Happy solstice. Here are some scenes from the last few weeks in the garden.

Wild artichokes (Cynara syriaca) in the gloaming of a snowy, winter day.
In section B, looking west.
In section A looking east.







Chinese figwort or xuan shen
in section A. Ah, grey winter days in Seattle. This picture says it all.
The Standish’s honeysuckle (Lonicera standishii) is flowering along Stevens Way near Cascara Circle. It’s deliciously fragrant.
Rhododendron species in section D border, flowering in December after a warm November.








I expect Camellia japonica to flower in late winter but not like this, before solstice.
It was warm enough that the seeds of xu duan (Dipsacus asper) in section B sprouted on the plant, a phenomenon known as vivipary.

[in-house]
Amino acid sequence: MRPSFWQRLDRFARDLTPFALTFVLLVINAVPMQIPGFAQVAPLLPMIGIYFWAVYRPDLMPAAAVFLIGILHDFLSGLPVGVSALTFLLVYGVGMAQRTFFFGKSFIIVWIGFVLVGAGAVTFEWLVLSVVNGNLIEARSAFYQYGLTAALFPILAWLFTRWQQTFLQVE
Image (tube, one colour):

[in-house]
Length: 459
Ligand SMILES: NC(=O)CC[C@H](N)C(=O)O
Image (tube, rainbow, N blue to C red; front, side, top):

Leaves of canyon grape (Vitis arizonica) north of section B. Maybe, just maybe it will produce fruit next year.








Leaf of common greenbrier (Smilax rotundifolia) changing color in section B.
Chestnut tree/bush (Castanea sativa) near the bus stop. It could be a while before it’s producing nuts but it grew a lot this year.


It’s a short post for this short, threshold day. If ever there were a time for quiet reflection, winter solstice seems like that time. Longer nights give us more time to dream, but only if we take the time for more sleep. There’s no shortage of tragic messes playing out in the world but we can’t do much about them if we’re exhausted.¬† On that note, I’m going to bed.




sun low in the sky

day breaks late, night comes early

that’s winter solstice





See you in the garden.

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